“The spinal cord is a challenging structure to interface with,” explains team leader Polina Anikeeva of the Massachusetts Institute of Technology (MIT). “It experiences strains of up to 12% and can be damaged easily. In our work, we have applied a thermal drawing process traditionally used in the optical fibre industry to elastomers to create a stretchable fibre that can be implanted in a mouse’s spinal cord.”

Until now, such optical waveguides were made from brittle materials, which are not suitable for implanting in the spinal cord, adds team member and lead author of the study Alice Lu, also of MIT. “Our flexible and stretchable system can move within the spinal cord and causes minimal damage.”

The researchers coated their fibres with micron-thick meshes of conductive silver nanowires to be able to measure electrical signals from neurons. In mice that had genetically modified light-responsive neurons, the probes were able to simultaneously record neuronal activity and produce hind-limb contractions when the lower region of their spinal cords was illuminated with laser light, which stimulated neural activity.

And that is not all. The devices can accurately monitor electrical signals even when the mice are moving around freely. Being able to do this has been difficult until now because electrical signals from neurons can become mixed up with those from breathing and heartbeats, for example, and conventional probes are not able to connect to the specific neurons involved.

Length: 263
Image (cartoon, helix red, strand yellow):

“We hope that our probes will allow for studies of spinal cords in animal models of neurological and neuromuscular disorders,” Anikeeva tells nanotechweb.org. “They may also help elucidate the neuronal pathways contributing to recovery following spinal-cord injury.

The team, which includes researchers from the University of Washington (UW), the University of Oxford in the UK and Advanced Functional Fabrics of America Inc., says that it is now trying to make the nanofibres more biocompatible and chemically stable. “Together with our colleagues from the Center for Sensorimotor Neural Engineering at UW, we aim to use these probes to study neural plasticity in the spinal cord following traumatic injury,” adds Lu. “We will also work with neuroscientists to study specific neural circuits and adapt the probe so that it can tune in on multiple neuronal channels by increasing the number of recording channels per probe.”

The research is detailed in Science Advances DOI: 10.1126/sciadv.1600955.